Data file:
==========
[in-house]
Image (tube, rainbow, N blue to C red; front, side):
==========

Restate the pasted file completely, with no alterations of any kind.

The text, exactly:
[in-house]
Image (tube, rainbow, N blue to C red; front, side):